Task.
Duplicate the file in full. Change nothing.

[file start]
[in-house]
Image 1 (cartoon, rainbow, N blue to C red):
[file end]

[in-house]
Image 1 (cartoon, rainbow, N blue to C red):